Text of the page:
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Newbie L. Aromatica Grower - all pointers welcome!

I just started trying to grow this plant for culinary use. I don't have fish, don't plan to, but I have been trying to learn to grow this plant for quite a couple of months. I have tried to find other growers on various grower lists to which I subscribe, but am having no luck finding such. When researching growing tips, I found this forum and several others where the plant is discussed as an aquarium plant. So, I'd like to respectfully ask a few questions.

I am a professional grower and one of our specialties is growing for our customers things that not everybody else grows. I have chefs interested in this crop so decided I'd try to grow it. First problem I had was finding a source for the plant (in hindsight, guess I should've tried the aquarium plant sources), but I finally found one and bought 6 plants in 2” pots. I had heard they love heat and moisture, so since I have received them they have lived in my germination shed under lights. They get 12 hours of light a day from 4 Phillips F40T12/C50 light bars like these. I noticed within a week or so of receiving them, some of the older leaves started drying up and turning brown on each of the 6 plants. I up-potted them into 4” pots of potting soil, and this continued. I thought maybe lack of heat or moisture was contributing, so I put more water in their watering trays. Those 4” pots now sit in about 3 inches of water constantly. The leaf browning continues. The new growth on the upper part of the plant all looks great, but most of the leaves on about the lower half of each plant stem starts browning from the outside in. Of course in most crops this can be a sign of not enough water, although the greenness of the leaves furthest from the roots at the top does not support this. So at this point I'm not sure what the problem is. If anything sticks out according to what I've said so far, I'd love to hear your thoughts.


In researching tips for growing this new (to us) crop, I found this forum and decided maybe they aren't staying wet enough and why not try to grow one as a test in an aquarium? I have located a used 20G aquarium, filter, pump, light bar, and gravel. Once I have everything cleaned and disinfected, I'm going to plant one of the plants in the aquarium gravel and then fill it with water and see what happens. I live in NE TX, and summer is upon us, so the daily temps will be in the Fahrenheit 90's moving over 100 within a few weeks, low in the 70's at night. I plan for this aquarium to be outside, so I intend to utilize the sun, not the aquarium lights.


I had a freshwater tank growing up and am not unfamiliar with aquariums, but this is my first attempt to use one to grow a plant crop. I have read this helpful discussion and others. Are their any words of caution you would give me before I try this experiment? Is pH and/or chlorine a problem for this plant, for instance? Is just plain aquarium gravel okay as a planting medium? Also, since I won't have fish in with it, what do you suggest as a fertilizer? I grow organically, so I keep on hand fish extraction and/or emulsion and seaweed as general fertilizers, but I'm willing to source others if needed. I am not so much concerned with the color of the foliage so much as the flavor. I believe my chefs are looking for it to be delivered green, but they are most concerned with flavor and quality of the leaves and have probably never seen it any other color.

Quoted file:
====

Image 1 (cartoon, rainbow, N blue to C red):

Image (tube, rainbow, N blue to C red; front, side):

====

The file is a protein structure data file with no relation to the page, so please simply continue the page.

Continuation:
It sounds from reading this thread that the plant is pretty hardy in the aquarium, but if it is particularly sensitive about one or more aspects, I'd like to find out before I unnecessarily kill it.


Best regards from a hopeful limnophila aromatica newbie,
Laurie
 

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Timwag2001, thanks for your feedback. This is exactly the type of feedback I'm looking for. At this point, there are many more things I DON'T know about growing this than things I do know about it. Gotta start somewhere.

Guess I'll 86 the idea of growing in the sunlight and find a shadier area, as you both seem confident algae will be a big problem with direct sun.

Tuffgong, thanks to you as well for your feedback. I'll assume at this point that algae eaters won't be able to keep up with algae production of the sun but will keep that idea in mind. I'm inferring from your posts that you believe the part growing under water will be inedible, right? Why so? I'm sure this is a really stupid question, but it'd help if you spelled it out for me, please.
 

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Tuffgong, thanks for the feedback. That makes perfect sense about sun and the underwater part having algae. I will look into the hydroponics aspect as well. I had read earlier in this thread about propagating the plant by cutting and replanting the tops, very cool.